Joan nods in passive agreement. She immediately regrets wearing her wedding ring out of sentiment.

“Got any kids?”

Joan smiles thinly, then shakes her head.

“Oh, boy you’re lucky. Just you make sure you get what you earned baby, and enjoy it! Hell, you deserve it and you got no ungrateful kids around to tell you any different.”

“Yes, I do deserve it,” Joan says flatly, prodding at her fat-free Caesar salad with a plastic fork.

Later, Joan stops into a hair salon to get herself a hundred-and-ten-dollar hairstyle, plus a facial that costs sixty with tax. The stylist, a young bottle blonde in her early twenties, yammers on about how ‘because of that whole thing’ she doesn’t feel safe anymore, but Joan has become grimly fascinated by the sight of a wattle of skin dangling from beneath her chin and fades out the garbled fear and anxiety.  Before leaving, she spends a further three-hundred dollars on a basket of salon-style hair and skin products and makes herself a repeat appointment four weeks ahead.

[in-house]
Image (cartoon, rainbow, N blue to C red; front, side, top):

Months pass and business cards from various lawyers turn up with annoying regularity in Joan’s mailbox. Her best friend, Lexi, advises her to interview the three that sound the ‘most Jewish’ and choose the meanest son-of-a-bitch among them. Joan chooses Ezra Nussbaum because of his biblical first name.

“We have ourselves a nice, straight-forward case here Mrs. Goodlander,” Nussbaum says between slurps from a can of diet coke.

His suit must have cost him two-thousand dollars, she observes to herself, yet his breath reeks of sauerkraut and pastrami.